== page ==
I hope the recipients of these cards are glad to get hand painted Easter cards this year :)
Me, I still haven't done my own! But will - those Peeps are sitting in a plastic bag, waiting for me to set them out and paint them. I did compose another set-up, using some cut out eggs from an old acrylic painting that failed...
It's that time of year again. Peeps in boxes in all colors at the stores. Sweetie picked up some for me to use in my watercolor class Tuesday so we could set up our own compositions and paint peeps :) They are so bright and colorful and fun to paint.
I set up some models and took some photos of my own before the students arrived Tuesday morning and then had them set up their own compositions on white paper, choosing what colors and types (chicks or bunnies) they wanted.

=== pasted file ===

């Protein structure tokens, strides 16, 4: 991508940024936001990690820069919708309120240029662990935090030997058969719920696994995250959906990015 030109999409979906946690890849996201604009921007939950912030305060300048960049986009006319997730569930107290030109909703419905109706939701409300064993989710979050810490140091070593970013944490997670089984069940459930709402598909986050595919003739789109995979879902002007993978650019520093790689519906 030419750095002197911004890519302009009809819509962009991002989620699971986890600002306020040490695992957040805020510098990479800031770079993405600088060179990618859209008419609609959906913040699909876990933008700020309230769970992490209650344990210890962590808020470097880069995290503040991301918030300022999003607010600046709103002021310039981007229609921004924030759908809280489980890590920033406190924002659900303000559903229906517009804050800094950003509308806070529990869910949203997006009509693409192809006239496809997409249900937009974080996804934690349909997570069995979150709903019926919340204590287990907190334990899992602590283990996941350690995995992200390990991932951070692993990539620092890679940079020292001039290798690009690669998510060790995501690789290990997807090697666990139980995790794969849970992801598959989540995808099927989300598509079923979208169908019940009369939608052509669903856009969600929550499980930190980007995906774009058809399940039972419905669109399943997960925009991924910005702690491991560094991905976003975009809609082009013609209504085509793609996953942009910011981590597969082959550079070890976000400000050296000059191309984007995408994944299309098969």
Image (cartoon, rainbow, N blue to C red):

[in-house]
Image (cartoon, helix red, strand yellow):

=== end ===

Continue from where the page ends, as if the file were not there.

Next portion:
If you want to see previous paintings of peeps I've done in past springs, just type in "peep" in the search bar (top left) of the blog and they should all come up.
Slowly building up the colors.
The reds are
Permanent Alizarin Crimson + Perylene Maroon for the dark cool reds
Pyrrol Red + Hansa Yellow Deep for the lighter warm reds
(all Daniel Smith Colors)
Now just need to get that strong shadow shape in there with some reds and blues and...
Began a new one - half sheet. Drew it out on tracing paper and then traced that onto Arches 140# cold press paper.
Started with the stems...
There'll be lots of reds in this one and I want to go slowly, building up the colors a little at a time.
Painted the second little piggie and the stone wall.
Because of the lights around the piggies, they look cut out and pasted on the background - just a little softening around some edges (not every one but those we want pushed back into the background more) will take care of that.
I wonder if the left piggie is singing and the right piggie is a critic? ha ha
By softening the edges, I had to lay in some more color so darkened the greens to play off the pinks.